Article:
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JMCSS teacher wins grant for “Free Little Library” for community


Van Hook class JACKSON, Tenn. – A group of third graders at Community Montessori School has a big job ahead of them.  After a lesson on overcoming learning challenges around the world, they decided to help put books in kids’ hands right here at home by building a brand-new children’s library for the Jackson community.  It means a lot of work, including deciding on a location, erecting the structure, filling it with books, and upkeep. Luckily this library is a Little Free Library, which is about the size of a large mail box, and will not cost the class a dime thanks to a grant through the Impact Library Program.


“The fact that this idea was mostly student led and curriculum driven with an emphasis and goal of increasing literacy in the community was ideal,” explained lower elementary teacher Rachel Van Hook of applying for the grant.  She said her students have already put in a lot of hard work.  “I used their responses in applying for the grant,” she recalled.  “They have brainstormed, used team work and graphic organizers to come up with plans.”


Little Free Library is a nonprofit with the goal of increasing literacy rates through access to books and forging community connections by establishing book exchanges.  Hosts, like Mrs. Van Hook’s class, establish the libraries and stock them. Visitors can then take the free books or donate books by leaving them in the library 24/7.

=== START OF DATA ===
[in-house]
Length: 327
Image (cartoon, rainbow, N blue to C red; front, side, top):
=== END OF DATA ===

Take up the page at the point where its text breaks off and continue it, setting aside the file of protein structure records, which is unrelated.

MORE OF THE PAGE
“As an educator and parent, the evidence is clear that higher readers are almost always the students whose parents have been reading to them since birth,” Van Hook stated.  “Those children are surrounded by books at home, get books for presents, go to the library and read them in a safe, loving environment.”  Van Hook said she tries to recreate that kind of environment in her classroom and hopes their library can help other families establish the same kind of routine at home.


Van Hook, whose classroom consists of first, second and third grades, said her third graders are still deciding on a location for their library.  “We want it to be in a safe location within walking distance from a community of young kids,” she explained.  “We also want it to be close to our school to increase engagement from school staff, students and families.”


The components to construct the library are expected to arrive in December.  Van Hook said they would love to have it up by Christmas.  Without the grant, establishing a Little Free Library is estimated to cost about $500.  Van Hook said students have already begun fundraising to help with the costs of upkeep and buying new books.  The students hope to host community events at their library location when it is set up.